Pain interference, gambling problem severity, and psychiatric disorders among a nationally representative sample of adults

Abstract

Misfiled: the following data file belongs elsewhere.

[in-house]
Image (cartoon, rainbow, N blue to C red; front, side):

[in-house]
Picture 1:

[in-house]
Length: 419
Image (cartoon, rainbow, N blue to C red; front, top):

Background and aims: A paucity of studies has examined the association between gambling and pain interference. We examined differences in the associations of gambling problem severity and psychiatric disorders among a nationally representative sample of adults with varying levels of pain interference. Methods: Chi-square tests and logistic regression analyses were performed on National Epidemiologic Survey on Alcohol and Related Conditions data from 41,987 adult respondents (48% men; 52% women), who were categorized according to two levels of pain interference (i.e., no or low pain interference [NLPI] or moderate or severe pain interference [MSPI]) and three levels of gambling problem severity (i.e., non-gamblers or low-frequency gamblers [NG], low-risk or at-risk gamblers [LRG], and problem or pathological gamblers [PPG]). Results: MSPI respondents exhibited higher rates of PPG than NLPI respondents. Categories of Axis I disorders and clusters of mood, anxiety and substance-use disorders showed similarly strong associations with problem-gambling severity in MSPI and NLPI groups. Similarly strong associations between Axis II disorders (and each cluster-A, B and C) and problem-gambling severity were also observed in MSPI and NLPI groups. Exploratory analyses suggested potentially stronger relationships between PPG and dysthymia, panic disorder, and dependent personality disorder and LRG and specific phobia in NLPI compared to MSPI respondents. Discussion and conclusions: While MSPI is associated with PPG, largely similar patterns of associations across pain-interference levels were observed between problem-gambling severity and Axis I and Axis II psychiatric disorders.

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